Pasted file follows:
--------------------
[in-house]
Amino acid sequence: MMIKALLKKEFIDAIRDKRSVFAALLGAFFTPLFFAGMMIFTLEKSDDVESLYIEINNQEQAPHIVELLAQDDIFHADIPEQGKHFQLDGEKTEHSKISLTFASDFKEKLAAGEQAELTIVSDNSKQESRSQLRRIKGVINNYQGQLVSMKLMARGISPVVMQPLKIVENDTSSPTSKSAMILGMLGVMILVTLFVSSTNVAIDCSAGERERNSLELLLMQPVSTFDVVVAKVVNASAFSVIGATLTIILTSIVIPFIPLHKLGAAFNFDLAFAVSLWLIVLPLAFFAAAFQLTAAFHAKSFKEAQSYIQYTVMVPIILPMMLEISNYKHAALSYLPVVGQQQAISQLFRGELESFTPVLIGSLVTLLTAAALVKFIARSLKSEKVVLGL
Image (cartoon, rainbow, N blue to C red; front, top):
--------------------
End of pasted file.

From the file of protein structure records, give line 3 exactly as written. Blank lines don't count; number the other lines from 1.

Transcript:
Image (cartoon, rainbow, N blue to C red; front, top):